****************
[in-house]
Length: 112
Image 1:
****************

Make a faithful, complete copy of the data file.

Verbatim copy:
[in-house]
Length: 112
Image 1: